Heroic Fisticuffs!

Here's a place where I talk about games, applications, websites, and other things that I make for fun. Mostly roguelikes. And pirates. And robots. Since my domain is hard to spell you probably came here on purpose.

Welcome to my underground lair

Hardpointe is set on the asteroid lair of an evil robotic overlord - conveniently enough these lairs are surprisingly similar to dungeons. A bit.

Level design is the great time sink of every roguelike developer. I have a system that I've developed over the years (mostly for my 2014 7DRL dungeon dual) that I call the floorplan approach, which basically smashes a bunch of rectangles together. Once you have rectangles, you can easily convert them into rectangular rooms, or other shapes (cross-rooms, ovals, etc.) that will still fit within that bounding rectangle.

For Hardpointe, I have brushed off this algorithm and cleaned it up a bit to make it less wasteful. I am rather liking the results so far.

While level design is great, what I really want to get to is 'lock and key' style puzzle rooms. Think of the key rooms in brogue, or the linked challenges in Unexplored. Or zelda. In any event, Tom Ford did a lot of work around this in his 2014 7DRL TraumaRL and then did a great talk on his approach.

In order to accomplish this, I first needed a more intelligent level designer - one that kept track of separate rooms as if they were nodes on a graph. I had to brush off a part of my brain that hadn't been used since CS classes many years ago, but got a working tree structure that should suit my needs.

I used treant.js to display the resulting graphs.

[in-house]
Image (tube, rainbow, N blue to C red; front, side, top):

This first one corresponds with the above dungeon output.

Red nodes/rooms represent the longest (or one of the longest) paths in the level. In most cases, the entrance point will be at the top of the tree and the ending point will be at the deepest node of the tree.

Gray nodes are flagged as "dead ends" in that they have only one connecting room. This makes them great candidates for locked rooms, special challenges (and rewards) that will give the player a reason to explore the entirety of the level, should they choose to.

Here are a few more because I like them:






Heads up

Finally have a working heads up display (HUD) - one of my requirements for releasing an actual playable version of the game. I really want to keep the screen as uncluttered as possible, but at the same time allow players to get the tactical information they need. In general, all monsters have 1 hp and the behaviors are unique, so there is a lot of information that should be conveyed just from playing a few times.




Other important things to know are status effects, and whatever items or unique terrain is near you. (e.g. is that radiation?)


The code to get this working was actually really fun to write.

Other things tackled this week were 'conveyed' flags. Certain powers can now convey flags such as flight, or radiation resistance. In earlier versions I was doing this quite messily - lots of room for error when power systems were being installed or uninstalled. Now it flows quite naturally.

This is important because at some point I plan on adding 'challenge rooms' that require you to sacrifice one of your power slots for an otherwise useless power. For example, there is a really amazing item inside the next system of rooms, but the rooms are irradiated. Fortunately, there is a system near-by that conveys radiation resistance - but you'll have to temporarily sacrifice something else in order to install it. What you choose to do away will may make the next couple rooms harder, depending on what's inside of them.